In the world of geopolitics, it is remarkable how quickly a valued business partner can turn into the object of suspicion and candidate for sanction. The UK’s relationship with China now hangs in that delicate balance.
For the past couple of decades, Chinese investment was ushered in, not least to the North Sea. Even people who might have been expected to know seem unaware that a chunk of North Sea output is in the hands of a Chinese state company, Cnooc, which operates the Buzzard field, one of the North Sea’s top three biggest producers.
When the Government announced its change of tack on Huawei, the Scottish Nationalist Party leader at Westminster, Ian Blackford, complained on the Today programme that it had taken too long to reach that decision. Asked if, in that case, he was comfortable with a Chinese state company producing UK oil, he appeared surprised and said the issue with Huawei (a private company) was about “security”. Other Chinese investment was welcome.
However, the problem is that once you start taking action against China (or anyone else), it is not necessarily one side of that dispute who will determine the weapons used. It is very much in the UK interest not to see this stand-off escalate in the way that is already being demanded by some of the government’s own MPs, who have been given the taste of blood over Huawei.
China gained its position in the North Sea as recently as 2013 when Cnooc bought the Canadian company Nexen. This gave it Buzzard, as well as the Golden Eagle and Scott fields.
Buying Nexen was the biggest Chinese takeover of a foreign business and signified the country’s need to consolidate its sources of imported oil. This is a huge strategic priority for China since its own domestic production accounts for less than half the needs of its economy. The UK remains a relatively minor source of these imports, accounting for less than 3%.
The biggest oil exporters to China are Saudi Arabia, Russia, Iraq, Angola and Brazil with its imports spread over 43 countries. The nine Middle East oil producers account for almost half of Chinese imports. In spite of American sanctions, China imported more oil last year from Iran than from the UK.
In other words, China has spread its net far and wide in order to ensure its own security of oil supply. Its massive Belt and Road Initiative is extending this reach into dozens of countries which are desperate for the investment and can be the future providers of oil and other natural resources in which China has a deficit.
That creates a global perspective within which the UK is bound to recognise that while our country has been a destination of choice for Chinese investment over the past couple of decades, in what was until recently a positive and welcoming environment, we are not exactly essential to Beijing’s longer-term economic interests.
The immediate target for those in the UK who see China as a threat rather than a partner is its participation in the nuclear industry. Again, the turnaround is startling – or at least must seem so when viewed from the other side of the table. Until Huawei became an issue, Chinese participation in the UK’s nuclear new build programme was greeted as its saviour rather than something to keep us awake at night.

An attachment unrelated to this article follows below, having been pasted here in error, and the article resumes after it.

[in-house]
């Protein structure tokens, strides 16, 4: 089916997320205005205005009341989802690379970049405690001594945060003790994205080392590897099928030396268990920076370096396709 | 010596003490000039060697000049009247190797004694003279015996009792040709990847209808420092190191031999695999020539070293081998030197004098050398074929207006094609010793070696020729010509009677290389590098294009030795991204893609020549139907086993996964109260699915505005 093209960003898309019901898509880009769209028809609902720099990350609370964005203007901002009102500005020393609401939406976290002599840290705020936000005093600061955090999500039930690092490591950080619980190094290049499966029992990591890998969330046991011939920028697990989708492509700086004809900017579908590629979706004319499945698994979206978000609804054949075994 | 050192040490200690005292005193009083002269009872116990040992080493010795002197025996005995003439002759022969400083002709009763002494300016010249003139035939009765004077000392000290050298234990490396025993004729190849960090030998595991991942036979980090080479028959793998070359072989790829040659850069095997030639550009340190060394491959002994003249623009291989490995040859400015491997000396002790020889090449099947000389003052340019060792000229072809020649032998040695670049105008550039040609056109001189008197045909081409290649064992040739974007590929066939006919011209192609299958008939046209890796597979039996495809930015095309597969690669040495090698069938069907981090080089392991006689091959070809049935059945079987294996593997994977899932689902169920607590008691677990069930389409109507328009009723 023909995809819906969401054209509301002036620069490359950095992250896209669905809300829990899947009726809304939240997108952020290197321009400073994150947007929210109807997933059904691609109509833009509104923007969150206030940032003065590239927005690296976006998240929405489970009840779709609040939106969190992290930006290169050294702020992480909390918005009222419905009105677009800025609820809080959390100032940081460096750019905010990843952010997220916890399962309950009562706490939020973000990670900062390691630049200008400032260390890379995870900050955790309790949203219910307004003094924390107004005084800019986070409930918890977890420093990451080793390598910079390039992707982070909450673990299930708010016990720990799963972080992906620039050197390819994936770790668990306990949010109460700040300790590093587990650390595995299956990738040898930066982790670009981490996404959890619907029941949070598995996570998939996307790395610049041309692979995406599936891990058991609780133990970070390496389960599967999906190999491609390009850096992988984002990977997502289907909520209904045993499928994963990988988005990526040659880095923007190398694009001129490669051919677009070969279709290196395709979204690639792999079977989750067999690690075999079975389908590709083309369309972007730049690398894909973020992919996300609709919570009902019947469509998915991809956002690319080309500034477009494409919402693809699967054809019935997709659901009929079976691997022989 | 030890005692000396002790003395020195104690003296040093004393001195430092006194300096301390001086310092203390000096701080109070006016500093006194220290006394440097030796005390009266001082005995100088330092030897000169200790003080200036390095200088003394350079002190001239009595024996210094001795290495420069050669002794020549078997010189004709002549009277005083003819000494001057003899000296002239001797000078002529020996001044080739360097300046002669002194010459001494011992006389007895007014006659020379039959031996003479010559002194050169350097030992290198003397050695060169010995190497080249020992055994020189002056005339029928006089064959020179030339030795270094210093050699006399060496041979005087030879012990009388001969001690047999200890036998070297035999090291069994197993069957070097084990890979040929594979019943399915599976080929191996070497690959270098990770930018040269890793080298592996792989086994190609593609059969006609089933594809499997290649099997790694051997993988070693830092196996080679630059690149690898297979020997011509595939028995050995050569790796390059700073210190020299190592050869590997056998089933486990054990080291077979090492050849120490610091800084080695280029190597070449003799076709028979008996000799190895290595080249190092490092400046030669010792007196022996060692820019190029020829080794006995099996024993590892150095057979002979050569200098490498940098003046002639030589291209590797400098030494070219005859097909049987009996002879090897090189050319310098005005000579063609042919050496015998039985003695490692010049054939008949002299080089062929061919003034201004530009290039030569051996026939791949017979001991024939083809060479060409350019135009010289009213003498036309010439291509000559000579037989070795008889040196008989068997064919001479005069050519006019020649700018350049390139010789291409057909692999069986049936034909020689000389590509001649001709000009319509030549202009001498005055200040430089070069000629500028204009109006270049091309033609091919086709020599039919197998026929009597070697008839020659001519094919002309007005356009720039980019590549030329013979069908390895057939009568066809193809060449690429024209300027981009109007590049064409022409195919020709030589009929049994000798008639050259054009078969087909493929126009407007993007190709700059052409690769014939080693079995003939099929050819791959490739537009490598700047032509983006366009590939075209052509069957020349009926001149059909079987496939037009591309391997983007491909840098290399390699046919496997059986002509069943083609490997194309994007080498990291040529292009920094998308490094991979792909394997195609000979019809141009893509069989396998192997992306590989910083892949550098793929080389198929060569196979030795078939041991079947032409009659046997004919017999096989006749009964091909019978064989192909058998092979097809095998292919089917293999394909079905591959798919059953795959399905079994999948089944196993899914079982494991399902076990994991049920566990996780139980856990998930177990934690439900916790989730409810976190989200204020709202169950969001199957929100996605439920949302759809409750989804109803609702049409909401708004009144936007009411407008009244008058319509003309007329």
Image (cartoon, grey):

The Chinese General Nuclear Power Group (CGN) is a partner in both Hinkley Point and Sizewell C, using French designs. At the proposed Bradwell plant, which is still a long way off, CGN would be the senior partner using its own designs. That is the prize the Chinese want.
All of this was agreed as recently as 2016 under David Cameron’s Prime Ministership. The Chinese effectively bailed out the UK’s nuclear new build programme on which our own energy security and carbon reduction targets have significant dependence. Now, having scored a hit on Huawei, a group of Tory MPs led by the former leader, Iain Duncan Smith, has turned its attention to the nuclear industry declaring it the “new Huawei”.
The basic question is whether all of this is driven by a change in the facts or in the politics. It seems hard to believe that the security risks involved in allowing Chinese access to the UK’s G5 network have been transformed over the past year since being given the all-clear under Theresa May. It seems unlikely that China could gain much it does not already know from helping to build our nuclear power stations.
The alternative version of events is that the escalation of anti-Chinese attitudes is being driven from Washington where President Trump has his own political reasons for keeping alive the trade war and the rhetoric which accompanies it at least until the other side of the November election. Then it might all calm down again.
The danger for the UK is of being drawn further into that conflict without having any control over where it leads. The longstanding principle of separating trade and diplomacy has much to be said for it. Without it, there are many countries with which we would not be doing business. China should be no different.
There are already warnings from Beijing that the Huawei slight will not go unavenged. The form this retaliation takes will be watched with close interest. For everyone involved in the UK energy sector, there is a particular interest in ensuring they are not caught up as collateral damage in someone else’s argument.
Brian Wilson is a former UK energy minister